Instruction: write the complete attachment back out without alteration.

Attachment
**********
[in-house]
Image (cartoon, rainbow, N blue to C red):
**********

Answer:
[in-house]
Image (cartoon, rainbow, N blue to C red):